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Natural environments, nature relatedness and the ecological theater: connecting satellites and sequencing to shinrin-yoku

Overview of attention for article published in Journal of Physiological Anthropology, January 2016
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About this Attention Score

  • In the top 5% of all research outputs scored by Altmetric
  • Among the highest-scoring outputs from this source (#27 of 451)
  • High Attention Score compared to outputs of the same age (97th percentile)
  • High Attention Score compared to outputs of the same age and source (83rd percentile)

Mentioned by

news
3 news outlets
blogs
2 blogs
twitter
45 X users

Citations

dimensions_citation
42 Dimensions

Readers on

mendeley
177 Mendeley
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Title
Natural environments, nature relatedness and the ecological theater: connecting satellites and sequencing to shinrin-yoku
Published in
Journal of Physiological Anthropology, January 2016
DOI 10.1186/s40101-016-0083-9
Pubmed ID
Authors

Jeffrey M. Craig, Alan C. Logan, Susan L. Prescott

Abstract

Recent advances in research concerning the public health value of natural environments have been remarkable. The growing interest in this topic (often housed under terms such as green and/or blue space) has been occurring in parallel with the microbiome revolution and an increased use of remote sensing technology in public health. In the context of biodiversity loss, rapid urbanization, and alarming rates of global non-communicable diseases (many associated with chronic, low-grade inflammation), discussions of natural vis-a-vis built environments are not merely fodder for intellectual curiosity. Here, we argue for increased interdisciplinary collaboration with the aim of better understanding the mechanisms-including aerobiological and epigenetic-that might help explain some of the noted positive health outcomes. It is our contention that some of these mechanisms are related to ecodiversity (i.e., the sum of biodiversity and geodiversity, including biotic and abiotic constituents). We also encourage researchers to more closely examine individual nature relatedness and how it might influence many outcomes that are at the interface of lifestyle habits and contact with ecodiversity.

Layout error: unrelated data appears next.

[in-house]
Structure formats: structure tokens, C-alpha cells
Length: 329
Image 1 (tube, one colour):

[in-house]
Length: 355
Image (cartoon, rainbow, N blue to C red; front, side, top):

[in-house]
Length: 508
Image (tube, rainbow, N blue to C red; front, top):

X Demographics

X Demographics

The data shown below were collected from the profiles of 45 X users who shared this research output. Click here to find out more about how the information was compiled.
Mendeley readers

Mendeley readers

The data shown below were compiled from readership statistics for 177 Mendeley readers of this research output. Click here to see the associated Mendeley record.

Geographical breakdown

Country Count As %
United Kingdom 1 <1%
United States 1 <1%
Germany 1 <1%
Australia 1 <1%
Unknown 173 98%

Demographic breakdown

Readers by professional status Count As %
Student > Ph. D. Student 24 14%
Researcher 22 12%
Student > Master 20 11%
Student > Bachelor 20 11%
Student > Doctoral Student 10 6%
Other 36 20%
Unknown 45 25%
Readers by discipline Count As %
Environmental Science 25 14%
Agricultural and Biological Sciences 16 9%
Medicine and Dentistry 14 8%
Nursing and Health Professions 10 6%
Psychology 9 5%
Other 47 27%
Unknown 56 32%
Attention Score in Context

Attention Score in Context

This research output has an Altmetric Attention Score of 63. This is our high-level measure of the quality and quantity of online attention that it has received. This Attention Score, as well as the ranking and number of research outputs shown below, was calculated when the research output was last mentioned on 09 October 2023.
All research outputs
#677,054
of 25,371,288 outputs
Outputs from Journal of Physiological Anthropology
#27
of 451 outputs
Outputs of similar age
#11,941
of 401,993 outputs
Outputs of similar age from Journal of Physiological Anthropology
#1
of 6 outputs
Altmetric has tracked 25,371,288 research outputs across all sources so far. Compared to these this one has done particularly well and is in the 97th percentile: it's in the top 5% of all research outputs ever tracked by Altmetric.
So far Altmetric has tracked 451 research outputs from this source. They typically receive a lot more attention than average, with a mean Attention Score of 22.4. This one has done particularly well, scoring higher than 94% of its peers.
Older research outputs will score higher simply because they've had more time to accumulate mentions. To account for age we can compare this Altmetric Attention Score to the 401,993 tracked outputs that were published within six weeks on either side of this one in any source. This one has done particularly well, scoring higher than 97% of its contemporaries.
We're also able to compare this research output to 6 others from the same source and published within six weeks on either side of this one. This one has scored higher than all of them